Science Fair Project Encyclopedia
Keith Richards (born December 18 1943 in Dartford, Kent), is a British guitarist and songwriter, best known for his work with The Rolling Stones, the band he founded with vocalist Mick Jagger and Brian Jones in 1962. His nicknames include Keef Riffhard. In addition to his work with The Stones, Richards also has worked as a session guitarist with artists as varied as Gram Parsons, Tom Waits, Bono and The Edge of U2, Nona Hendryx, John Phillips and Aretha Franklin.
Keith Richards was a World War II baby born in the "crossfire hurricane" (mentioned in the lyrics of "Jumpin' Jack Flash") of German bombings in the Battle of Britain. He was an only child, reportedly conceived as a way to get his mother Doris Richards off the wartime factory production line. Richards' father, Bert, was a disabled war veteran and working class factory labourer. Despite the family's modest station, Richards' paternal grandparents were socialists and civic leaders. His maternal grandfather toured Great Britain as a jazz/big band musician. In interviews, Richards often cites his mother's father as a leading influence in his young life. He also admired the singing American Western film star Roy Rogers.
His parents divorced around the time that Keith was expelled from Sidcup Art College. The divorce led to a long period of estrangement from his father, and led to him dropping the "s" from his surname from the mid-1960s onwards. For almost twenty years, Keith "Richard" did not see or talk to his father, but remained close to his mother who eventually remarried. During the 1980s, father and son reconciled, and Keith reclaimed the "s" at the end of his surname. This reunion was touchingly illustrated by Bert Richards accompanying his son on Rolling Stones tours during that period.
The Rolling Stones began as a cover band in Great Britain playing Blues and early rock'n'roll covers. Their first recordings reflect this. "I Just Want to Make Love to You," "Not Fade Away," "Little Queenie," "Carol" and "It's All Over Now" are all American cover songs. Andrew Loog Oldham became The Stones first manager and inspired Jagger, Richards and Jones to write songs. Jones was unable to contribute meaningfully, and Jagger and Richards became the primary songwriters. "The Last Time" was the first song Jagger and Richards took to the band to record under their own names. Nanker Phelge was a pseudonym created by Jagger and Richards to publish songs they wrote and recorded but wanted to sidestep publishing agreements to which they were obligated as Jagger/Richards.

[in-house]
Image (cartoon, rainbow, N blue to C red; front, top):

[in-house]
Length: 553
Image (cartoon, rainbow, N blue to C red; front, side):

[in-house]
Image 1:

Although Brian Jones was a hapless songwriter, he contributed significantly in the studio. He was a multi-instrumentalist and has been cited by Richards and Jagger in interviews as a large contributor to how songs like "Under My Thumb," "Paint It Black," and "Ruby Tuesday" were recorded.
Mick Jagger began to attract attention in Britain and the United States. His on-stage persona developed from stiff school boy to a dancing, prancing, ambisexual, drunken, shotgun Weimar Republic nightclub singer who either immediately attracted or repulsed viewers. Jagger's development made Richards a stronger guitarist and songwriter.
During the late 1980s, Richards resolved to outlast musically the fickle Mick Jagger —a man he began to call "Brenda"—and formed a band called Organized Crime. The band evolved out of work on The Stones' poorly received 1986 album, Dirty Work, and the Taylor Hackford film Hail! Hail! Rock and Roll! . The motion picture was a blend of live concert, back stage documentary, and personality conflict which celebrated the 60th birthday of Chuck Berry, one of Richards' musical heroes.
The new band, replacing the old name with Keith Richards and the X-pensive Winos, formed with Steve Jordan, Sarah Dash , Waddy Wachtel and Ivan Neville , recorded with Los Angeles funk producer Bernie Worrell during 1987-1988 in LA, New York and Montreal. In the fall of 1988, Virgin Records released the critically acclaimed, albeit popularly slighted album, Talk is Cheap. It spawned a brief but memorable tour through the U.S., playing classic rooms like the Fox Theatre in Detroit, as well as the Hollywood Palladium on Sunset Strip. In late 1991 Virgin released the concert as Live At the Hollywood Palladium.